Spring Break Baby!

So here’s the thing…an academic’s work is never done. Except on Spring Break and maybe a few other times during the year. I do my best to live a normal/sane/stable life. Ok – so technically my work is not done even when I am on break. And, because I am on break, this is not going to be a long post. I want to talk for a minute about how we work. How we do our work. How we approach our work. How long we work.

Since this is the kind of job that’s never done, there is always something I could be doing. I could be reading papers, responding to email. writing!, reviewing something, reading some professional literature….need I say more? You know what’s in the pile.

But breaks are important. And, I think, maintaining some sort of normal life balance is important. And yes, I said and did the kinds of things to support my idea of a normal work/life balance before I had tenure. The way I live now, the way I structure my work now, is pretty much the way I was doing it pre-tenure.

This is what works for me:

  • I maintain a typical 9-5 kind of work hours. Now, obviously that’s not super strict in terms of when I start/finish. For example, let’s say I have to teach a class from 5:00-7:50 pm. I would start working somewhere around noon on that day.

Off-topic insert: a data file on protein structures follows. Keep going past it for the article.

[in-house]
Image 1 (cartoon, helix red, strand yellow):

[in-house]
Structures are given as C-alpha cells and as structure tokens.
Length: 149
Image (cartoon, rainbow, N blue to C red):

• What did I do before noon on those days? Well, I would catch a 9:00 yoga class. I’d take the class, shower at the studio, and head over to my office for some lunch.


  • The ways I structure my days varies from semester to semester. But, I always have time blocked out for writing/research as well as teaching (not just teaching the classes, but planning and grading)
Mindful breaks will help you work better.
Mindful breaks will help you work better.

I don’t work weekends (I may answer emails if it’s quick). Post-tenure I do not work holidays (pre-tenure I would totally use spring break to get my writing done). Post-tenure I, for the most part, work only when under contract. Pre-tenure I had to spend my summers writing. Now, not so much. I do a small bit of it to keep my head in the game, but I’m not into working for free.

Breaks are important. Stepping away from our work is important. Some of my best ideas come to me when I’m on a break or when I’m taking a walk and not technically working. Which brings me to another point – when the weather is good I like to go for walks, and I include regular walks as part of my day. Every 90 minutes to two hours I get up and move around for about 15 minutes. I breathe the air. I clear my head. Sometimes when I return a problem that seemed difficult has a very simply answer to it. The breaks are mindful, and they are a part of how I work.

I encourage you to think about how you work including how you structure your day and how that structure is/is not serving you. And I encourage you to seek out breaks for yourself that are mindful and restorative.